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To those who are afraid they won't be able to ski after they retire...

post #1 of 10
Thread Starter 

...cuz they will be too old

 

This is cool.

 

I've seen this guy at my local hill. I didn't realize he was an instructor...or that he was 87.

 ****************************************
DODGE RIDGE HONORS FRANK BORREGO
At 87, Borrego was honored Sunday with a Dodge Ridge lifetime achievement award
April 2, 2009 PINECREST, Calif. – When Frank Borrego started skiing at Dodge Ridge in 1954 he wore wool pants and had 8 foot long wood skis. Today Frank proudly wears the Dodge Ridge Snowsports School uniform and has short, shaped skis. From wool pants to the waterproof clothing of today, Frank has skied every season in between.
At 87 Frank Borrego is one of the oldest ski instructors in the U.S. He became a ski instructor when he retired from teaching school in Tuolumne County and has spent the last 18 years sharing his love of the outdoors and skiing. After this season he will retire from his position as a ski instructor but not from hitting the slopes himself. “I will continue skiing until I drop. If I don’t stay active, I’ll get dull and I don’t want to be dull,” said Borrego.
Sunday, April 5th Frank and Sally Helm, owners of Dodge Ridge, honored Borrego with a lifetime achievement award for his years of service to Dodge Ridge. “Frank has always been such a professional, and his kindness to the skiing public and our other employees is something we are very proud of,” says Sally Helm, CEO and President. “I will miss seeing Frank in our Dodge Ridge uniform, but happy he will still come up to take a few runs,” said Frank Helm.
“As I get older, I realize that Dodge Ridge has been a special place in my life,” Borrego recalled.
 
 
 
 
post #2 of 10

I skied with my dad a couple times this season. He's now 86. And more often than not, he is not the oldest skier we run into during the day.

post #3 of 10

I saw a number of 75+ skiers at Copper last week, many on 70's and 80's gear. Back in '75 there was a 70+ free-dogger doing ballet with the rest of the younger 'doggers. I plan on skiing until long after I can't walk any more.

post #4 of 10

I couple of years back I did a few bump runs  with a guy I thought was in his early 60s. Nope he was 72 years old.  His skiing was very smooth fluid and dare I say graceful on a rather steep and challenging bump run

post #5 of 10

A ski buddy of mine was on the lift talking to an 80+ year old guy (instructor/former instructor) about what she had learned in the last lesson she took (quite some time before).  She got off the lift and skied off a ways and he skied up to her and asked if she'd like a few pointers.  She was thrilled.  So he spent about an hour or so helping her and wouldn' t take anything for his kindness.  When she ran into me a little while later, she was raving about how lucky she'd been and how this guy had really helped her!  Not sure how many 80+ instructors/former instructors there are.....but know that your kindness in helping skiers here and there is SO appreciated!!!!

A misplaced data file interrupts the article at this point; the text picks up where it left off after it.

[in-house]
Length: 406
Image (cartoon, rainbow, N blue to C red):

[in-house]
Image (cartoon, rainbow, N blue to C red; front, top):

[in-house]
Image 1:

post #6 of 10

This weekend was the MS 150 from Houston to Austin. It's the oldest MS 150 ride in the country(although the Tully ride start in Houston makes the ride 180 miles). I've ridden it 3 times. Time number 2, we were told of the oldest rider, still riding strong at the age of 88. Age is an atitude, you think "old", you are "old". Of course, it helps to stay in shape on your way to an advanced chronologic age....

post #7 of 10
Thread Starter 

 

Quote:
Originally Posted by csavage View Post

This weekend was the MS 150 from Houston to Austin. It's the oldest MS 150 ride in the country(although the Tully ride start in Houston makes the ride 180 miles). I've ridden it 3 times. Time number 2, we were told of the oldest rider, still riding strong at the age of 88. Age is an atitude, you think "old", you are "old". Of course, it helps to stay in shape on your way to an advanced chronologic age....


In my line of work I deal with the aged. To say that today's 85 is yesterday's 65 is true.
 

 

Fact is; if you chose to, there is an 80% chance that you will be skiing at 80 or beyond. But you have to make choices at 50 or 60. Or earlier. Nutrition, physical activity, mental activity, socialization and a positive mindset.

 

While it is true that one can experience a life altering event (stroke, accident or cancer) the rest of us can stay active by choice and effort.

 

I think that someone who says "I'll probably be too old to ski at 65" will indeed be so.

 

 

post #8 of 10

I think this has probably been posted before, but here is a link about Sunshine's Trapper Jerry.

 

http://www.edmontonsun.com/SpecialSections/SnowScene/2009/02/19/8453936.html

post #9 of 10

 

Morrning of March 26, 2009 ~ 8:00am local

4 Friends, Midwesr Patrollers, members of Team Tuesday and mature, Just on a Utah vacation

Left to Right: Age 65, Age 64, Age 75. Age <61>

 

Afternoon of March 26,2009: Look closely at bottom left corner of pic - age 64 is leading the way for age 65, I'm either resting or stopped to take a picture, huh, I can't remember, but I can still ski.

post #10 of 10

 

my dad is 69 and can out ski me easily.

 

now, he's got 30 years of skiing over me and i have about 100 days total since i started skiing in 2002; but i'd have thought i'd be close to his level by now.

 

 

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